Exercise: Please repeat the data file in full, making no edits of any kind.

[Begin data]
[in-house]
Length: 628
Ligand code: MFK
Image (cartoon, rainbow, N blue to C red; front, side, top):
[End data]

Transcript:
[in-house]
Length: 628
Ligand code: MFK
Image (cartoon, rainbow, N blue to C red; front, side, top):